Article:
By Erin Ulerich
The day really was going well with my two little ones. My kids had napped well, snacked well, and were excited about going to swim. My husband, Stephen, and I got to the pool, wrestled the floating devices onto the kids and finally got into the water. We introduced ourselves to a new staff family and their children, met several students from one of our girls’ dorms and were ready to play with the kids in the water.
Then it happened.
My children went bad. Rotten in a heartbeat. I can’t remember exactly what they were doing, except that they were definitely not obeying. And in a crowded swimming pool, obedience and safety are synonymous.
My husband and I gave each other the “time to go” look. We told the kids that we were leaving because they were not obeying, and in response they launched into total meltdown mode. Screaming, wailing…you get the picture.
Stephen and I got the kids into the van, put them in their car seats kicking and wailing, looked at each other, shook our heads, and started laughing.
As we drove home I said. “I’m sure we made quite an impression.”
A few days later, one of the dorm parents told me that my children’s meltdown had been the subject of some discussion in her dorm. As I hung my head, she assured me that her girls had been unphased by the meltdown. Our reaction is what grabbed their attention because it was very different from what they were used to seeing.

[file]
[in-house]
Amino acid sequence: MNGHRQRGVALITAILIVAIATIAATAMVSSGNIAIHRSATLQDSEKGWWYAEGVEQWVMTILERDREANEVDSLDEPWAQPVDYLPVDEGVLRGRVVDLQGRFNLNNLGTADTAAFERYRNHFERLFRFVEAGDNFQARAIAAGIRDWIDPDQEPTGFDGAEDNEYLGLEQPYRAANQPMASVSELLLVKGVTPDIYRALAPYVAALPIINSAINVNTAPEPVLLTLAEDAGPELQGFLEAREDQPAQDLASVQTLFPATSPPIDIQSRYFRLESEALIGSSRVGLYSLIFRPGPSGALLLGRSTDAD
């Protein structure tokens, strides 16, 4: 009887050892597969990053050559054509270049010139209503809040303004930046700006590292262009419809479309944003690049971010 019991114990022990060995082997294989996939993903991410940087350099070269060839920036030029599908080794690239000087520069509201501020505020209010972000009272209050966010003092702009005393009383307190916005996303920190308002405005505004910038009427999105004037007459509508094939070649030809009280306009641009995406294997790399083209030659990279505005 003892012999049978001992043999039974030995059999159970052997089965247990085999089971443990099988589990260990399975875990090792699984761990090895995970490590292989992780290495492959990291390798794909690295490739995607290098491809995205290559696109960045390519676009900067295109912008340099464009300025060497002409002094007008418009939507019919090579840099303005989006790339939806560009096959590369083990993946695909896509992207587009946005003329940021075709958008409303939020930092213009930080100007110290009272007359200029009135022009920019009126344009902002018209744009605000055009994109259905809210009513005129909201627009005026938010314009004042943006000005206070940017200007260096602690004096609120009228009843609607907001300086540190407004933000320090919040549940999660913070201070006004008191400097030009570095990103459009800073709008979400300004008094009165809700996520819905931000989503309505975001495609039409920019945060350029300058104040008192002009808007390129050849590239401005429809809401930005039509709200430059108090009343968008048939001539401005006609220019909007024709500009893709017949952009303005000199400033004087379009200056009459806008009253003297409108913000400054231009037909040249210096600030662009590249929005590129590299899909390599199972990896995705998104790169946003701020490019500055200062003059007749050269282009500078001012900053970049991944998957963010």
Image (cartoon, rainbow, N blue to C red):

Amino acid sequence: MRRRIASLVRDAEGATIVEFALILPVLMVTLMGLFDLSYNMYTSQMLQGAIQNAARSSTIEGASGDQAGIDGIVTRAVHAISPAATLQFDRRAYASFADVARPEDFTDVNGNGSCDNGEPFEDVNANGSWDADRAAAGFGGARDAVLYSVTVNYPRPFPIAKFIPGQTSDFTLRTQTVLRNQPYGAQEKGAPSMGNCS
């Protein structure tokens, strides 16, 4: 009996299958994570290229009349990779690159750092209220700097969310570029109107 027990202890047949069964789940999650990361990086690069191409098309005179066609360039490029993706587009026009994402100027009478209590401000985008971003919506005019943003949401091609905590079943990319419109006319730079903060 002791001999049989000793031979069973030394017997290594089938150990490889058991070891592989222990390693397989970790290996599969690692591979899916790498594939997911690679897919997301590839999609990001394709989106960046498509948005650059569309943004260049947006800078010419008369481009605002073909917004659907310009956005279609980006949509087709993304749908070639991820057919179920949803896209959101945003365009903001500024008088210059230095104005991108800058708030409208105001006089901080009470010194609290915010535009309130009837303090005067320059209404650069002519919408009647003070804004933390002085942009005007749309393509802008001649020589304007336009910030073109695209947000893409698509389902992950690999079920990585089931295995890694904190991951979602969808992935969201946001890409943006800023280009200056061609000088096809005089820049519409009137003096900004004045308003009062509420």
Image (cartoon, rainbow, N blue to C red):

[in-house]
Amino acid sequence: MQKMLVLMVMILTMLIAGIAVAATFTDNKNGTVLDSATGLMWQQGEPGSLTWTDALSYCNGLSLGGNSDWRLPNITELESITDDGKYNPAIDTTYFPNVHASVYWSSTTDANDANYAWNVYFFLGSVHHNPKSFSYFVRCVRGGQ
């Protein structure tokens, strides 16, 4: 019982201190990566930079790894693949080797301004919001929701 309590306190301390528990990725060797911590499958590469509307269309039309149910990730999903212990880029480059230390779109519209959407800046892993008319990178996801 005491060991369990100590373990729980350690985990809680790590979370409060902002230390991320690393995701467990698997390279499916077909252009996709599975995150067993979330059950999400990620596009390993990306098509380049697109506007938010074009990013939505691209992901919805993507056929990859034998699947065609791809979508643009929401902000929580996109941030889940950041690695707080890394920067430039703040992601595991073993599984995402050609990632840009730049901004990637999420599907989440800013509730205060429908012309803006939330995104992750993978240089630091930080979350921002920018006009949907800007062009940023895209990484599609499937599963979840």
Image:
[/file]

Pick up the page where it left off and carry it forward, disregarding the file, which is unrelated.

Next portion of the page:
Life at French Camp Academy definitely resembles a fish bowl. The staff and students are around each other constantly. Those of us with small children give the students many opportunities to see the good, bad, and ugly sides of parenting. Really, it is good, because relationships form as we do life elbow to elbow.
As these relationships form, the impressions go both ways.
As I get to know our students, and know even a fraction of their stories, I am constantly impressed. Impressed that they are getting out of bed each day, going to school, looking forward to their future. Impressed that the same young man or young lady who was abandoned by their parents would have the courage to allow other adults into their lives. Impressed by the student who is determined to be the first in their family to graduate high school, or go to college. Impressed that they want to do life differently than they were shown at home.
Staff/student relationships are vital to the ministry here at FCA because within these relationships walls come down and stories come out. Every student and every staff member come to FCA with a story and, for a time, their stories include French Camp Academy.
Some students begin a brand new chapter in their lives here. Others may be here for a paragraph, or a few sentences. But while they are here, they hear truth that we trust will bear fruit in their lives. And while they are at FCA, we will learn from each other, meltdowns and all.